… Read More ➡

N.Y. Teamsters Indicted

6 Teamsters were arrested in connection with a 14-man crime-ring that was stealing and reselling electronic equipment, clothing and jewelry in N.Y. Each faces up to 10 years in prison. Many of the stolen items were sold to an undercover FBI agent in 67 transactions according to U.S. District Court records. The 6 were UPS drivers. UPS notified the FBI that it had suspected criminal activity. [A.P. 06/11/98]

Violent Teamsters Shut Down CA Port
The Port of Hueneme, near L.A., was shut down on Jun. 1 due to a violent Teamsters strike sparked by a dispute over 2 forklift workers’ salaries. The reportedly illegal strike idled hundreds of workers and stranded 3 cargo-laden ships.
Police were present to stop Teamsters’ violence against Longshoremen wishing to cross the picket line. All 250 members of the International Longshoremen’s & Warehousemen’s Union honored the picket line until an arbitrator ruled that the strike … Read More ➡

Coia Warned Against Retaliating Against Witnesses

Rep. Harris W. Fawell (R-IL), chairman of a House subcommittee examining union abuses against members, sent letter to Laborers Int’l. Union of North America president Arthur A. Coia, warning him against acts of retaliation against individuals testifying before the committee.

Coia as long-been suspected of being under the influence of organized crime. In 1997, LIUNA’s in-house prosecutor filed charges against Coia for knowingly associating with organized crime and permitting organized crime to influence LIUNA affairs.

“We can not, and will not, tolerate any retaliation against any witness and we will take every step necessary and possible to protect them,” wrote Fawell in the May 27 letter. Stephen Manos, vice-president LIUNA Local 230 in Hartford, told the committee his Congressional testimony has “further exacerbated” acts of harassment, intimidation and retaliation against him, including a recent complaint filed in U.S. District Court by Local 230’s business manager Charles LeConche accusing him of … Read More ➡

Luskin’s Big Bucks from LIUNA

LIUNA’s in-house prosecutor Robert D. Luskin, who is responsible for the integrity of LIUNA’s “internal reform effort,” admitted to being paid about $4 million from LIUNA since Nov. 1994 in the Jun. 7 Washington Post . It’s a rare public account of what LIUNA has paid to Luskin and his 11-lawyer firm.

$4 million over 44 months (11/94 to 06/98) equals $90,909 a month, or… $1,090,909 a year… $20,979 a week… $4,196 a day…$524 a hour (at 40 hours a week)… $8.74 a minute… all thanks to the mandatory unions dues of LIUNA members. Note too that LIUNA is not Luskin’s only client.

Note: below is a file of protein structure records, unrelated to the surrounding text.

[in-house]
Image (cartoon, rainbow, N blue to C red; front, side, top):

Laborers Fired Over Pay Questions
On May 29, the Greater Orlando Aviation Authority upheld the firings of 2 LIUNA electricians at Orlando’s airport for reportedly falsifying payroll records. The records in question show the 2 collected $34,000 for over 1,500 hours of allegedly bogus overtime. LIUNA Local … Read More ➡

Clothing Union Corruption

According to Rep. Hoekstra’s subcommittee, the bosses of the Union of Needletrades, Industrial & Textile Employees are profiting from their members job losses due to a special industry proviso in federal labor law.
The May 27 report states UNITE receives “liquated damages” from companies for contract breaches which include relocating production overseas. UNITE treats the payments as its own since no explicit obligation exists to distribute the money to its members.

“So as contracts leave the country and UNITE’s members lose their jobs, UNITE itself continues to receive ‘a piece of the action’… Over the past few decades garment unions have lost more than half of their membership to overseas competition. Yet during that same time, UNITE and its predecessors became the richest of all unions, as measured on an assets per member basis. UNITE not only on owns the Amalgamated Bank of New York, but also owns much prime … Read More ➡

CWA Accused of Inducing Fear About Disabled

In a June 2 letter, the Developmental Disabilities Council, a New Jersey watchdog group on state policy, accused the Communications Workers of America of threatening to expose the names of group home residents who have criminal records or a history of behavior problems in order to halt the closing of state institutions for the disabled. The group’s director Ethan Ellis said, “This degrades the public images of people with developmental disabilities irreparably. It is going to take years to repair that damage.” [Bergen Co. Record 06/03/98]

Tainted Ex-President Reinstated
On June 3 in St. Louis, a U.S. District Judge had Service Employees Int’l. Union Local 50 to reinstated its ex-president William Stodghill. He was ousted from office and the union in 1996 amid allegations of wrongly spending the union’s funds for his personal expenses. Current local president Don Rudd said, “Stodghill was found guilty of improperly using members’ money at … Read More ➡